Before he chucked it all, Max McElligott was a student at the London School of Economics (like Mick Jagger before him), studying social anthropology and writing a thesis titled, “Is the Notion of Romanticism a Western Construct?”
“Capital-R Romanticism and the different ways of seeing it,” McElligott explains. “It’s a very 19th-century construct, and in anthropology there are so many good examples of a similar notion experienced across cultures — but it’s romantic love, the lowercase ‘r,’ ideas of love and what love is. You go back to the 13th century poets going around the courts of France mysticizing this thing called love. But I was curious as to whether, say, a tribe in the Congo had similar poetry for their relations, the same of romantic Romanticism we take for granted.”
McElligott, 24, took a year off from school and hasn’t gone back, but he’s entered a new field well-versed in exploring the meanings of love: pop music.
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Wolf Gang is the band that grew up around McElligott’s musical ambitions. A bit of a prodigy, son of a history professor father and a violinist mother, the British-born McElligott taught himself piano, bass, guitar, drums, glockenspiel, you name it. He then recorded a series of demos in his bedroom in Strathkinness. One good newspaper review led to a contract with Atlantic Records. Stepping beyond the bedroom, McElligott gathered some mates to make a live band — now including drummer Lasse Petersen (the Rakes) and guitarist Gavin Slater (Ghosts) — and christened them Wolf Gang (inspired by his adoration of classical music, but a name not easily Googled with the existence of violent L.A. rap group Odd Future Wolf Gang Kill Them All).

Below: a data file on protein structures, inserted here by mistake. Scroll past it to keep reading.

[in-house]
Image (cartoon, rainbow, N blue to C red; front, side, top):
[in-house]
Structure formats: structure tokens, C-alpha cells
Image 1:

I first encountered Wolf Gang at last year’s South by Southwest music conference in Texas. I simply followed the crowd. Wolf Gang was playing its showcase in a bar whose front doors and windows opened wide to the street. A motley crew had gathered along the curb, most of whom began dancing unabashedly to “Lions in Cages,” what is now the first single off of Wolf Gang’s debut album, “Suego Faults.”
The swirling, symphonic alt-rock of “Suego Faults” is complex under the surface — McElligott arranged it all and plays every instrument — but it rings through the speakers like timeless Britpop. Baroque, bouncy, occasionally ambitious, the Davids (Bowie, Byrne) are thrown around a lot in comparison, and fans who’ve tuned in recently to fun., Passion Pit or Coldplay won’t be left wanting.
If it sounds dreamy, it’s only fitting. “Suego Faults” came to McElligott in a dream.
“I’ve always had vivid dreams and a prolific imagination,” he says. “I woke up once with that name ringing in my head, after a dream with this epic story to it, and there was a two-and-a-half-minute song like this in the dream. I realized later that the song I’d pulled out of it would be a nice breathing space on the album, and it seemed like the right title for it, and for the album, since it didn’t really exist anywhere yet except in my head. All of this was an imaginary place.”
McElligott had been working on most of these songs for several years before the notion of realizing them in the marketplace took hold. The old industry saw is, you have your whole life to write the first album and then about nine months to write the second. McElligott says he’s already at work and hoping to unleash a sophomore effort next year.
“Suego Faults” was recorded with producer Dave Fridmann, an acclaimed sonic architect known for enhancing the weirdness and majesty of bands like the Flaming Lips, Mercury Rev and MGMT. For Wolf Gang, however, McElligott says Fridmann exercised unusual restraint.
“I had these demos all recorded up in my bedroom, with the parts done, the instrumentation done. They just didn’t have that shimmering gleam [Fridmann] puts on everything,” McElligott says. “The quality of his mixes as much as the production is so pristine. But he was always debating about whether to go more experimental. We’d have chats about crunching up the drums in this one or hard panning things in that one, but he actually came to the idea that this shouldn’t sound too mental. It should sound more classic. So we didn’t go overboard. There are a few touches here and there, but he wanted the songs to speak for themselves.”
Classic, classical, romantic — Wolf Gang may not be big-R Romantic but deftly explores the lowercase subjects in song. But he’s been so busy on this project he’s neglected his own life a bit: “I’m not exploring romance on a personal level right now, which is a bit of a shame.”